Featuring an all-star cast, headed by Paul Newman, Robert Redford, Robert Shaw, ‘The Sting’ is a stylish, meticulously detailed crime drama film, released by Universal Pictures in 1973. Set in Depression-era Illinois, principally Chicago, ‘The Sting’ was directed by George Roy Hill,who had previously directed Newman and Redford in ‘Butch Cassidy and the Sundance Kid’ four years earlier.
Seeking to avenge the murder of his partner Luther Coleman (Robert Earl Jones), petty swindler Johnny Hooker (Redford) heads to Chicago to seek out fellow grifter Henry Gondorff (Newman). Together, they perpetrate an elaborate hoax – the ‘big con’ – with the intention of financially ruining
criminal overlord Doyle Lonnegan, whose henchmen were responsible for the death of Luther Coleman.
Resurrecting an obsolete scam, known as ‘The Wire’, and aided and abetted by a cast of characters, not least bogus tipster Kid Twist (Harold Gould), Gondorrf and Hooker create a fake betting parlour and convince Lonnegan to bet $500,000 on a horse called Lucky Dan to win. Just before the supposed ‘off’, Twist informs Lonnegan that Lucky Dan will finish second and, as he attempts to retrieve his money, FBI agents raid the betting parlour.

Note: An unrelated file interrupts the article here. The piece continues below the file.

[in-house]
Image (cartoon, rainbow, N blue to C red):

Agent Polk (Dana Elcar) – who, unbeknown to the audience, is part of the con – tells Hooker he can leave and Gondorff, apparently betrayed by his partner in crime, shoots Hooker in the back. Polk shoots Gondorff and, in the commotion, Agent Synder (Charles Durning), a real FBI agent who has been pursuing Hooker since early in the film, ushers Lonnegan from the building. Once the coast is clear, Hooker and Gondorff rise, unharmed and smiling, to their feet and riotous celebrations begin.